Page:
Electrophysiology and Arrhythmogenic Activity of Single Cardiomyocytes From Canine Superior Vena Cava
Background— The superior vena cava (SVC) has been proved to be a focal point in the initiation of paroxysmal atrial fibrillation. The autonomic nervous system plays an important role in the genesis of atrial fibrillation. However, the arrhythmogenic potentials of SVC and its responses to autonomic agents are not clear. The purpose of this study was to isolate single SVC cardiomyocytes and to investigate their electrophysiological characteristics, as well as the direct effects of autonomic agents.
Methods and Results— Canine SVC cardiomyocytes were isolated by perfusion with digestive enzymes. The action potentials and ionic currents were investigated in single SVC cardiomyocytes using the whole-cell clamp technique. Dissociation of the SVC yielded rod-shaped single cardiomyocytes with (n=74, 51%) or without (n=71, 49%) pacemaker activities. There were similar densities of inward Ca2+, delayed rectifier K+, transient inward, inward rectifier K+, and pacemaker currents between SVC cardiomyocytes with and without pacemaker activity. SVC cardiomyocytes with pacemaker activity have, however, greater transient outward currents than those without pacemaker activity. In SVC cardiomyocytes, acetylcholine (5.5 μmol/L) abolished the spontaneous activities, but isoproterenol (10 nmol/L), atropine (10 μmol/L), and phenylephrine (10 μmol/L) accelerated the spontaneous activity and induced the occurrences of early or delayed afterdepolarizations.
Conclusions— These findings suggest that SVC cardiomyocytes have distinct action potentials and ionic current profiles that may be responsible for the arrhythmogenic activity of the SVC.
Received December 31, 2001; revision received March 11, 2002; accepted March 11, 2002.
Thoracic veins are important foci in the initiation of paroxysmal atrial fibrillation.1,4⇓ The superior vena cava (SVC) has been proved to be an arrhythmogenic vein.3 The proximal SVC in the adult mammal contains cardiac muscles connected to right atrium.5,8⇓ Through multiple cellular electrophysiological studies, the SVC was found to have cardiomyocytes with fast response action potential7 or with phase 4 depolarization accompanied by the initiation of automatic activity.6 Another study also has reported abnormal automaticity and fibrillation induced by aconitine in the musculature of the SVC.9 The atrial muscle extension into the SVC was shown to be the source of the spontaneous ectopic activity recorded in the SVC.3 Our previous studies in multiple cells or single cells have shown that pulmonary veins (PVs) contain cardiomyocytes with or without spontaneous activities, which may underlie the high arrhythmogenic activities of PVs.10,11⇓ Although clinical electrophysiological study has found that the SVC and PVs may have different electrophysiological characteristics,12 knowledge about the mechanisms underlying the arrhythmogenic activity of the SVC was limited. Because experiments utilizing intact tissue are complicated by the multiplicity of cell types and complex arrangement of cardiac cells within the tissue matrix, isolation of single SVC cardiomyocytes is important in evaluating the arrhythmogenic activity of SVC.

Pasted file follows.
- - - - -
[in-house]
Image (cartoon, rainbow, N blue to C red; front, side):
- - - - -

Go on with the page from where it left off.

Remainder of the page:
The autonomic nervous system is known to play an important role in the genesis of atrial fibrillation.13 Our previous studies10,11⇓ in PVs have shown that autonomic agents have several effects on the electrical properties and arrhythmogenic activity of PVs. A clinical study12 showed that enhanced vagal reflex could inhibit SVC electrical activities. These findings suggest that it is important to investigate the effects of autonomic agents on SVC single cardiomyocytes. However, knowledge about the direct effects of autonomic agents on SVC is limited. The purposes of this study were to isolate single SVC cardiomyocytes and to investigate their electrophysiological characteristics and arrhythmogenic activity, as well as the responses of autonomic agents.
Isolation of Single SVC Cardiomyocytes
Twenty-five healthy dogs were anesthetized with sodium pentobarbital (30 mg/kg IV), and the hearts were rapidly removed through a thoracotomy and dissected at room temperature. For the dissection of the SVC, the right atrium was opened by an incision from the right atrial appendage. The SVC was separated from the right atrium ≈5 mm above the junction of the SVC and right atrium; thus, we avoided mixture of sinoatrial nodal cells in the SVC. After reversing the lumen, the SVC was perfused from the distal end through a polyethylene tube. The other end of the tubing was connected to a perfusion pump with a perfusion rate of 500 mL/h. The proximal end and side branches of the SVC were ligated with silk. The SVC was initially perfused with an oxygenated Tyrode solution at 37°C (NaCl 137, KCl 5.4, CaCl2 1.8, MgCl2 0.5, HEPES 10, and glucose 11 mmol/L; the pH was adjusted to 7.4 by titrating with 1 N NaOH), which was then replaced with Ca2+-free Tyrode solution containing 300 U/mL collagenase (Sigma, Type I) and 0.5 U/mL protease (Sigma, Type XIV). After the SVC softened, it was cut into fine pieces and gently shaken until single cardiomyocytes were obtained. Only cells showing clear cross striations were used. To have stable recordings of action potentials (APs) or ionic currents, most experiments were carried out at room temperature (24°C to 26°C). Some cardiomyocytes also were experimented with under body temperature (37±1°C) to evaluate the arrhythmogenic activity of the SVC at the physiological state. The cells were allowed to stabilize in the bath for at least 30 minutes before experiments.